We started Code Climate with a simple hypothesis: static analysis can help developers ship better code, faster. Five years later, we analyze over 70,000 repositories each day spanning a wide variety of programming languages, and along the way we've learned a lot about code quality itself: what it means, why you want it, how you get it,and more. This talk will cover some of the more surprising insights, including what makes a code metric valuable, when unmaintainable code may be preferable, and the number one thing that prevents most developers from maintaining quality code over time.
You were living alone in the town of Ruby-on-Rails until you decided to open up your spare room to guests. Now your first visitor has booked in. Her arrival is imminent. How do you prepare? How can you make sure she has a great visit? Let’s explore the art of code hospitality — working on codebases in a way that respects your teammates and provides for their needs. By working hospitably, we can facilitate team productivity and help new members quickly feel at home.
When implementing REST API servers and clients, testing is critical. Symmetric API testing is a design pattern that ensures compatibility between client and server with transparent tests. Testing APIs symmetrically reduces build times and code complexity, while simultaneously improving API stability.
We love Ruby on Rails because we can get a working prototype up and running in a very short period of time. It follows coding conventions that make it simple to go from one developer to the next, however, when the application scales to a certain point, there are some performance penalties that come from the auto-magic of Active Record. I intend to show the common pitfalls for performance degradation, monitoring tools to help identify problems and common solutions including MySQL indexing optimization, all this based on my current experience with one of the biggest RoR apps working at GitHub.
Elixir is one modern language that is introducing many Rubyists to the world of highly scalable, highly distributed, functional programming-based programming. In a more narrow scope, one language feature that many people liked is the now famous Pipe Operator "|>". There is nothing like this in Ruby. But could there be such an operator? And if it could be done, would it be useful? I started a pet project called "Chainable Methods" to address just that.
Developer happiness is what brought me to Ruby in the first place. And of all the new compiled languages, Crystal is the only one that shares this value. The syntax and idioms are entirely Ruby inspired. Although Crystal looks very similar to Ruby, there are big differences between the two. Crystal is statically typed and dispatched. While there are no runtime dynamic features, the compile-time macros solve many of the same problems. In this session, we’ll take a close look at these differences as well as the similarities, and what Ruby developers can learn from this exciting language.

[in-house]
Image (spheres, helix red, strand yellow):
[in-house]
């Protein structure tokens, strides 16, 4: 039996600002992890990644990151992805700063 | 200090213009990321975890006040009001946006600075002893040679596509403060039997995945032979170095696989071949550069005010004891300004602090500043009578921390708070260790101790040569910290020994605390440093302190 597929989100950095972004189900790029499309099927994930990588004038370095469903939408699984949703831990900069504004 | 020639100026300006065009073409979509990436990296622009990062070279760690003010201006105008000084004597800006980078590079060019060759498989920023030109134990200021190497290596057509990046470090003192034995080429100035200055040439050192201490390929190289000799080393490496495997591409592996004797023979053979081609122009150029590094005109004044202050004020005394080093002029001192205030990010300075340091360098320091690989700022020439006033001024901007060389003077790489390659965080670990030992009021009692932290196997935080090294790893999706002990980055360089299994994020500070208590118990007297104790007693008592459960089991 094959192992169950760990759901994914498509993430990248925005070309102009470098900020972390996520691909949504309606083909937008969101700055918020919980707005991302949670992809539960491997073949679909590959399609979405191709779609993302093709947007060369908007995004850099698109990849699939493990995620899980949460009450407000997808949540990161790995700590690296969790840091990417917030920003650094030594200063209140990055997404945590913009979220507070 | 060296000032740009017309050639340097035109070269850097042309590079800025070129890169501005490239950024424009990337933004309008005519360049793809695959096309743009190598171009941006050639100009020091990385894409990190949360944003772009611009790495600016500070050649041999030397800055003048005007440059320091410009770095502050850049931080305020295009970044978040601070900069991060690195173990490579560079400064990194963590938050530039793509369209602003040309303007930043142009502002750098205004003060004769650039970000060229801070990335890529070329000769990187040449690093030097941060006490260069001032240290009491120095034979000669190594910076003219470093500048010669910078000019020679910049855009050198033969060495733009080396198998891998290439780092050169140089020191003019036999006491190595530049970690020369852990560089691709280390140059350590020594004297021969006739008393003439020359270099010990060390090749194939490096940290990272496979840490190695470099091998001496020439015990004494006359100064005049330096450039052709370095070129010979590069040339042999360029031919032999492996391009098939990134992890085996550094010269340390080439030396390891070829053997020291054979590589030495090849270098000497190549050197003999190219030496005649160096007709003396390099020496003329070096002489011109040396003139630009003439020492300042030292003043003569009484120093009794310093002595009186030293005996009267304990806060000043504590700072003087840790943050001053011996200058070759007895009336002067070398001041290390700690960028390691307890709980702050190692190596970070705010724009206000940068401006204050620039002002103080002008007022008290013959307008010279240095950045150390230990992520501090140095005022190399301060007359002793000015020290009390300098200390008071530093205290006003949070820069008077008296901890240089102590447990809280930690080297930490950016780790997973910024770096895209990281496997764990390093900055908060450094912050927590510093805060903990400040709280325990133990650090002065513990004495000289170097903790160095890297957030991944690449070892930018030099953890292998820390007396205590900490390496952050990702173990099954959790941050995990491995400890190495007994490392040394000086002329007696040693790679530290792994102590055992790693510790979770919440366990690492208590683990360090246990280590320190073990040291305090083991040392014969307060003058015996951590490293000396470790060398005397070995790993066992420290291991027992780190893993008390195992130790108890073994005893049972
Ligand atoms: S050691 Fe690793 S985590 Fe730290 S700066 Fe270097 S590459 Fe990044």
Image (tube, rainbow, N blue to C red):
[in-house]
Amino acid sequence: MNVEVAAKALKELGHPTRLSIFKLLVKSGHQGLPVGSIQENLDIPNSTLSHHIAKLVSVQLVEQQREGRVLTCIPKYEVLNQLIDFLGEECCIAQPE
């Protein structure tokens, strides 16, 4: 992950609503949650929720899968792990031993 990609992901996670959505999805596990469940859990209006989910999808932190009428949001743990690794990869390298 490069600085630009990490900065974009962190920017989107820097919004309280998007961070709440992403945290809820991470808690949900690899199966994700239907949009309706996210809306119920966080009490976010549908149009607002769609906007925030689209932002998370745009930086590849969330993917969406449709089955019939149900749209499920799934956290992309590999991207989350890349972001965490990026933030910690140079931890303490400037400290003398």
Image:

Ruby is widely-used and prides itself on "simplicity and productivity". But what is happening under the hood of our favorite programming language? Are there better, faster, or stronger ways to implement these methods? I'm going to take a deep, yet brief, dive into testing and optimizing some of Ruby's most popularly convenient methods.
Just a Minute the popular classic British gameshow format with some real coding and technology topics. The rules of the game are simple, the results are hilarious, and who knows, you might even learn something new! Come join us to see some of your favorite speakers take the challenge to speak without hesitation, repetition or deviation for one minute.
We have no problem justifying a refactoring effort when it improves performance or eliminates a code smell. What if I told you there's a way your refactoring could be even more impactful? One of the most costly and time-consuming things we do is on boarding. It takes an incredible amount of effort to bring a developer up to speed on a new codebase. In this talk, we’ll see three real-world readability refactors, discuss how you can apply these techniques for the benefit of your current (and future) team members, and how we can continue to program with empathy in mind.
Everyone loves Ruby's Enumerable module. What about Enumerator? Many of us don't what Enumerator is or why it's useful. It's time to change that. We'll challenge conventions and (finally?) understand why Enumerator is important while unveiling the 'magic' of how it works.
Many people strive to be armchair data scientists. Google BigQuery provides an easy way for anyone with basic SQL knowledge to dig into large data sets and just explore. Using the rubygems.org download data we'll see how the Ruby and SQL you already know can help you parse, upload, and analyze multiple gigabytes of data quickly and easily without any previous Big Data experience.
As a team leader, the line between company culture and a dogmatic cult is thin. Embracing individuality, yet finding alignment (as a collective) is tough. Understanding what defines one over another is critical so everyone can bring 100% of themselves to table. If you're a member of a team, leader of a team or building a team, you're going to know five key components to assess, support and foster a 'culture of diverse talent' and prevent a 'cult of conformity.'